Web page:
In class we discussed two arguments related to voting. One was that voting should be mandatory, perhaps even with punishments in place for failing to vote. The other was that it is immoral to make an “uninformed” or “bad” vote.
I personally do not believe that voting should be mandatory. It is certainly possible that there is some sort of “market failure” situation where elections do not actually reflect the beliefs and desires of the public. However, I think this is more likely a result of the inherent nature of the current political system rather than a result of apathy towards voting. When citizens only have at most two viable candidates to choose from, many people’s wishes will not be adequately represented by either choice. Additionally, a lot of votes are not cast for a candidate – they are cast against the one that is worse. As a result, I don’t see how the election structure as it is will ever not be a failure – even if participation increases, the election results won’t capture public opinion accurately. While I don’t believe mandatory voting would solve any problems, I also don’t support it because fining or imprisoning someone for failing to do something so trivial (to them at least, since they’re not voting) would be wrong.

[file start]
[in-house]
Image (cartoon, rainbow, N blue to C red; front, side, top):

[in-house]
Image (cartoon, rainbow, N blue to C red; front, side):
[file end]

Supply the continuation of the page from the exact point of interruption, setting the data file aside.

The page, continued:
The argument that it would be wrong to make an uninformed or bad vote wasn’t very appealing to me. I suppose that it might be possible to be doing something wrong by supporting a candidate who will do bad things, but I don’t think there is any sort of way for objectively determining what constitutes a bad candidate. The claim that it would be wrong to make an uninformed vote is stronger, though I’m still unsure what level of information a voter should have before making a decision. Some people are single-issue voters, and if they are extremely informed on that issue but not others, are they making an uninformed vote by voting? Perhaps with respect to the candidates in general, but with respect to what they care about, they are quite informed. It is also often difficult to get information. Candidates talk more about end results than particular plans. For example, we hear that Trump is going to deliver the biggest tax cut in history, create millions more jobs, fix all the bad schools, build a border wall, destroy ISIS everywhere, deport 11 million people, magically make manufacturing jobs reappear and wages increase, increase the size of the “depleted” military, and “help” students with their educational debts. These are essentially all talking points. Anyone interested in the specific policies (the “how” rather than the “what”) or how they will be funded is left hanging. I suppose proponents of this theory that uninformed voting is immoral could just tell us to “do the best we can”, but at this point in the election season, I don’t know with certainty what either of the candidates would do. Ultimately, I find the question “is it immoral to vote badly or with little information?” to be a rather useless one. If no one is going to be prohibited from voting, we should spend our energy on talking to others and informing them, rather than deciding if they are doing something wrong that we’re not willing to stop.